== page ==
Tuesday 24 October 2017

Asia stocks bounce, bonds benefit from the unknown

Lack of performance a global issue for investors in actively-managed equity funds. Photo: Bloomberg
Lack of performance a global issue for investors in actively-managed equity funds. Photo: Bloomberg

Asian shares were swept up in a global relief rally on Wednesday as the immediate drag from the Brexit vote began to ebb and investors wagered central banks would ultimately ride to the rescue with more stimulus measures.

MSCI's broadest index of Asia-Pacific shares outside Japan .MIAPJ0000PUS rose 1.0pc to recoup around one-third of Friday's stinging loss. Japan's Nikkei .N225 climbed 1.6pc, while Australian stocks added 0.8pc.

In Europe, both the FTSE and DAX were seen starting around 1pc higher, with the CAC up 1.2pc. EMINI futures for the S&P 500 ESc1 added 0.2pc.

Any bounce was welcome, given global equity markets shed $3 trillion in value in the two days following Britain's shock vote, according to S&P Dow Jones Indices. Investors also pointed to solid U.S. economic data as helping to steady the ship.

Yet Britain's course out of the EU remains unknown, leaving the future of the entire bloc and its currency an open question.

"The only certainty in Europe is uncertainty," analysts at ANZ said in a note.

"European leaders appear to want to move forward with Brexit plans as quickly as possible, but political turmoil within Britain suggests a quick turnaround is unlikely," they wrote.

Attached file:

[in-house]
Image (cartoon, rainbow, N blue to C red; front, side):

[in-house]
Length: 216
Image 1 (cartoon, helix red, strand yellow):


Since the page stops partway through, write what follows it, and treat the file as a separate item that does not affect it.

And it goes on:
The unease was evident in sterling, which slipped a third of a U.S. cent over the session to huddle at $1.3332 GBP=, not far from the recent 31-year low of $1.3122.

The euro regained only a little ground to $1.1064 EUR=, while the safe-haven yen steadied at 102.33 per dollar JPY=.

For now, investors are counting on central banks to step in with fresh stimulus to support markets over time.

Japanese Prime Minister Shinzo Abe urged the Bank of Japan to provide ample funds to ensure market liquidity.

In the first of Federal Reserve policymakers to comment since the vote, Governor Jerome Powell said it had shifted global risks "to the downside".

That only reinforced market expectations the Fed will no longer be able to hike U.S. rates this year, and could even be forced to cut if the domestic economy falters.


On Wall Street, the Dow .DJI ended Tuesday up 1.57pc, while the S&P 500 .SPX gained 1.78pc and the Nasdaq .IXIC 2.12pc. Badly beaten financials .SPSY and tech stocks .SPLRCT were among the top gaining sectors.

The calmer mood was reflected in the CBOE Volatility Index .VIX which fell about 21pc on Tuesday to near where it was before the vote. It was its largest one-day percentage decline since August 2011.

Aiding sentiment was data showing the U.S. economy grew at a 1.1pc annualised rate in the first quarter, rather than the 0.8pc pace reported last month.

Yet concerns about the impact of Brexit on global growth, plus all the talk central banks might have to ease anew to offset it, kept sovereign bonds well supported.

Yields on U.S. 10-year notes US10YT=RR held at 1.47pc, just above a near four-year low of 1.406pc hit on Friday. Comparable German DE10YT=RR and Japanese bonds JP10YT=RR are into record territory and pay negative yields.

Indeed, all Japanese bonds out to 40 years now offer less than 0.1pc, a nightmare for pension funds and insurers desperate for a "decent" return.

In commodity markets, gold was firmer XAU= around $1,319.00 an ounce, off a low of $1,305.23 touched Tuesday.

Oil prices gained as a looming strike by Norwegian oil and gas field workers threatened to cut output. There were also reports oil producers and refiners in crisis-struck Venezuela were struggling to keep output up.

U.S. crude oil futures CLc1 were up 27 cents at $48.12, while Brent crude LCOc1 rose 21 cents to $48.79.


Also in Business